Every March growing up, my mom would tell us to look for buds in the trees. I'm not sure they always arrived in March (I grew up in an icebox) but the buds were a sign that Spring was coming, that after the bitter, dead winter, beautiful things could come alive again.
I walked outside yesterday to see small crimson clusters on the tree in front of my townhouse and smiled. I exclaimed to my children that there were buds on the trees and that everything was coming alive! Ethan asked what "alive" was. I sat for a second and then said, "You are alive if your heart is beating and you are breathing and moving." I obviously didn't have a clear answer. After all, trees don't really breath and all movement on their part is very, very slow. But it's like they are waking up, I said, and giving us blossoms to enjoy, no matter how short-lived they may be.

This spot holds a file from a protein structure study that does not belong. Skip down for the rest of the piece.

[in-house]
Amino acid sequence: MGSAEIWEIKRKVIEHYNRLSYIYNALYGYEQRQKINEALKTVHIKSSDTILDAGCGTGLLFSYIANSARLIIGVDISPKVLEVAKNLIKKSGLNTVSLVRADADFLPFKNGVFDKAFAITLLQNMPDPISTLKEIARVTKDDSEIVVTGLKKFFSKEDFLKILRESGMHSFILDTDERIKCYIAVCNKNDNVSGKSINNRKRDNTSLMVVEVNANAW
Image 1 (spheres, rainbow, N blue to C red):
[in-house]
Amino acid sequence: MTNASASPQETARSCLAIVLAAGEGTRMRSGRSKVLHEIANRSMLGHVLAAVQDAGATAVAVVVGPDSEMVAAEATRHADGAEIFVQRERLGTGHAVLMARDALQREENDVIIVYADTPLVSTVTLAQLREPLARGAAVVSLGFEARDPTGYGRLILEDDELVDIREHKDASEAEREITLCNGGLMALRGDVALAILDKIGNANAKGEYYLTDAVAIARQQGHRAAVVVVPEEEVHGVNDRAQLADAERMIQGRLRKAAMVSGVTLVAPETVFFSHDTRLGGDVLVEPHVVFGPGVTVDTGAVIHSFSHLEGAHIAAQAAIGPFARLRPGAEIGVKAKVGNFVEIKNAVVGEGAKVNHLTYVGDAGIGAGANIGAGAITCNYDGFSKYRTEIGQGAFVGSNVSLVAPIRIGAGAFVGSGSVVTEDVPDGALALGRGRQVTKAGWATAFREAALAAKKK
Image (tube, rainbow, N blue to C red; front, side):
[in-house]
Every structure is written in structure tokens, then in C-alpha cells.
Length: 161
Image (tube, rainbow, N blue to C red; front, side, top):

Today, Ethan asked me about death. I can't remember how the conversation started but he wanted to know what happens when we die. "Does it hurt?" Of course I said no. "Do you just get back up after you die?" I answered no again and told him that his body will be buried. I explained that his spirit will live on to the next life, in which he will learn and grow even more and then finally, when the time is right, we will all be resurrected, with our bodies. We will live again!
"So did you and Dad already die?"
I guess I hadn't explained it well enough. I said we will all die one day when we are really old (cross our fingers), but that won't be the end of us. We will continue on. It will be more like waking up than dying, really... kind of like the buds.
And I really hope that's true. In the meantime, I am going to brush up on both my spiritual and physical facts because, honestly, his questions are getting really hard to answer.
On a much lighter note, don't mess with these kids:
They have decided to stop smiling for the camera :-(.